Designed to be a weekend house, a space open to friends for multiple co creative activities, the house exists with minimal involvement with the ground while leaving the space free under a surreally cantilevering mass. With built-in furniture, the internal spaces seem clutter-free, maximizing the remaining space for multiple usage. The large opening towards the horizon at the north, is supported by the ribbon windows that provide a certain directionality to the space.

Exterior view from the east
Exterior view from approach route
Kitchen and Bar on the ground floor towards the rear of the house
Kitchen and Bar on the ground floor towards the rear of the house
Exterior view from approach route

Reddy house

The larger one of the three, this house brings about a sense of exuberant play in lap of nature along with its own pool. Characterized by its retaining stone wall that holds the major mass of the house, that cantilevers towards a pool towards the horizon, delicately held by almost nonexistent steel girders pillars. The plinth below the cantilever has been modulated to form an informal gathering space by the pool. The internal spaces have been designed with generous openings towards the three open directions while the spaces, have been cleared of any elements within to form large singular spaces. The large opening towards the north-east edge causes a beautiful disappearance of the edge of the house from within, providing a panoramic view of the hills and the horizon. The verticality of the staircase along with the tank unit in silhouette, anchors the horizontally projecting masses of the house together.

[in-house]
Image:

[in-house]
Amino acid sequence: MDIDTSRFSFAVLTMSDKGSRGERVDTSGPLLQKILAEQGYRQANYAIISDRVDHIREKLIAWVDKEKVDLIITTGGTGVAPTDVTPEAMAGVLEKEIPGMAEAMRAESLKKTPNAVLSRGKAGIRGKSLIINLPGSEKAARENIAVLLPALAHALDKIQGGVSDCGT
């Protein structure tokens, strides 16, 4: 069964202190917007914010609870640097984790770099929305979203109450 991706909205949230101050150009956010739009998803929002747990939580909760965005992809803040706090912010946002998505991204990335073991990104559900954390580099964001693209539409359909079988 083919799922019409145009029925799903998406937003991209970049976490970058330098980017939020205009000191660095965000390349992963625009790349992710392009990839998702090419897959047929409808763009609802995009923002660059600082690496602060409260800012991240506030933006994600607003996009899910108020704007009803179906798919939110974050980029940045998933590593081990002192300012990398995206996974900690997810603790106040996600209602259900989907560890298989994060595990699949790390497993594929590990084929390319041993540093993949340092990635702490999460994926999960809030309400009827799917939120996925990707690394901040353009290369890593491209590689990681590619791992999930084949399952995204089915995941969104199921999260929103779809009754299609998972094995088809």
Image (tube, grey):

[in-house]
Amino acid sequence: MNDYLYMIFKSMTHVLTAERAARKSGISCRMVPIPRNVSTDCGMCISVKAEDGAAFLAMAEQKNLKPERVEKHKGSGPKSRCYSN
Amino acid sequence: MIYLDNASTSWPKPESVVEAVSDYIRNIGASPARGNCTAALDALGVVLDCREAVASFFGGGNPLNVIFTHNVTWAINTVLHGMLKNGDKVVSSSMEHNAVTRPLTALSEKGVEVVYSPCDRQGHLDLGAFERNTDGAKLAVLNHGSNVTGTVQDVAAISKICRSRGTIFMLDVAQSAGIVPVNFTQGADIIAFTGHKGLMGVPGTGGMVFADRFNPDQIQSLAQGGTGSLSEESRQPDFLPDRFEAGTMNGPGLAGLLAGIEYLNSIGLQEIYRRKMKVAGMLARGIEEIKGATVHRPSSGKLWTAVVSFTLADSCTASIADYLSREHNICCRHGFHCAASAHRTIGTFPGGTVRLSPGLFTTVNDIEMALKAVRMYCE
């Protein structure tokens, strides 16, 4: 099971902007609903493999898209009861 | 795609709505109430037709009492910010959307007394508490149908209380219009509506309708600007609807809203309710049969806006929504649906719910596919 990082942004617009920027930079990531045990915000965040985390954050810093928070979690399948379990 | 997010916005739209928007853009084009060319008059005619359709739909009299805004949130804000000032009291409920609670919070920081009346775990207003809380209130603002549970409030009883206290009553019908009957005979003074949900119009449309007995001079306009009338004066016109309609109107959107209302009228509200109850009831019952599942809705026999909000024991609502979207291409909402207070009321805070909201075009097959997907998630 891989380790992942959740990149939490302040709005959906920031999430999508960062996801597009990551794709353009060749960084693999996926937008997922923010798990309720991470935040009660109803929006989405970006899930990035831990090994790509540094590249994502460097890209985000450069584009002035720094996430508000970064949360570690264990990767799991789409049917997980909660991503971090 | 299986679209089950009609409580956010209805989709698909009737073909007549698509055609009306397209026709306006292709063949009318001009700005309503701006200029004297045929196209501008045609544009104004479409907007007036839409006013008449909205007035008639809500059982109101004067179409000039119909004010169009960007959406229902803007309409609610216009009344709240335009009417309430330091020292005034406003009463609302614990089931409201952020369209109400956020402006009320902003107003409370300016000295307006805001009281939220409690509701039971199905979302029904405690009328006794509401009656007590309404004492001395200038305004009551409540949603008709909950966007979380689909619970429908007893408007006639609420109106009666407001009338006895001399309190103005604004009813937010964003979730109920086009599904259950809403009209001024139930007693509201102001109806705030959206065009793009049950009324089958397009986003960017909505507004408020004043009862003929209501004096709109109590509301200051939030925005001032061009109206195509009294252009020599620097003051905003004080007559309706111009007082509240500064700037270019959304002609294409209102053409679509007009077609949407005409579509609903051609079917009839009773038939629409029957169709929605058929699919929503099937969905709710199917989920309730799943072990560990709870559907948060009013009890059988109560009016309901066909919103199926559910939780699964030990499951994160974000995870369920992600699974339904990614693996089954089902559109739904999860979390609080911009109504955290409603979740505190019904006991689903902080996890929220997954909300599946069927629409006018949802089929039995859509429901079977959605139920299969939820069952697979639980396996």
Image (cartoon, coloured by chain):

Exterior view from approach route
Exterior view from approach route
Exterior view looking towards the south
Exterior view looking towards the north
Interior towards the eastern horizon

Bali house

Considered as the peace sanctuary, this house is located at the most immersive location on the site. The built-up area of the house has been split into distinct spaces by the virtue of their vertical level. Unlike the other two house, Bali house is anchored to the ground by a stone cabin, while the spaces above are more open and complex. The dining and the living spaces are divided by a precisely crafted wooden stairway. With a smartly blurred origin, the stairway comes across as a path afloat in the middle of the space, leading to a series of terraces that open up to the sky.

Exterior daylight
Exterior night
VIEW OF CENTRAL looking north
VIEW OF CENTRAL looking north

The magical effect of this unique location, along with the architecture that has responded with both simplicity and boldness, draws users extensively to the beauty of this place, The manner of occupation of this site allows a mingling of various social groups and communities (including helper community and village folk) in a way that has made a vibrant social ecology possible. Besides relaxation and personal entertainment, this place has seen varied activities from musical evenings, to art workshops, to film screenings to ongoing natural farming, extended design studios, culinary labs etc where each of the five members is able to bring their unique gifts to fore, to share.

Interior towards the eastern horizon
Interior towards the eastern horizon

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Read More: Architecture | Residential Architecture | Building with Landscape | Tropical Architecture | Tropical House | Meeta Jain Architects | Bangalore | India | Indian Houses | Indian Architecture